On June 5, 1994, approximately 1420 Pacific daylight time (PDT), a Piper PA-38, N9271T, experienced a gear collapse during a forced landing near Sweet Home, Oregon. The private pilot and his passenger were not injured, but the aircraft sustained substantial damage. The personal pleasure flight, which departed Lebanon State Airport, Lebanon, Oregon, about 20 minutes earlier, was being operated in visual meteorological conditions at the time of the accident. No flight plan had been filed, and there was no report of an ELT activation. Use your browsers 'back' function to return to synopsisReturn to Query Page
In a post-accident interview, the pilot said that the engine suddenly quit while he was maneuvering near Sweet Home, and he attempted a forced landing in a nearby field. During the landing roll on the rough/uneven terrain, the aircraft's gear collapsed.
No problems with the engine were found in a post-accident investigation, and the engine was started and found to run fine at the scene of the crash.
As part of the investigation, the temperature and dew point of the two nearest reporting stations were checked for the time of the accident. A station 27 miles south (Eugene, Oregon) showed a temperature of 62 degrees and a dew point of 48 degrees. A station 30 miles northwest (Salem, Oregon) showed a temperature of 61 degrees and a dew point of 52 degrees. These numbers were used to figure the probability of icing using the carburetor icing probability chart from the DOT/FAA/CT-82/44 publication. The numbers from the Eugene station showed the aircraft to be operating in conditions where carburetor icing could be expected to be serious at glide power. The figures from the Salem station showed the aircraft to be operating in conditions where carburetor icing could be expected to be serious at both glide and cruise power (see attachment #1).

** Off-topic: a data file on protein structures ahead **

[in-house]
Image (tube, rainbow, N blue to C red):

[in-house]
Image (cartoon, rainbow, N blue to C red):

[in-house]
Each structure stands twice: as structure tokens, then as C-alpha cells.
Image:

Although the pilot applied carburetor heat after the engine had lost power, he had not applied it to check for ice accumulation in the carburetor throat prior to the loss of power.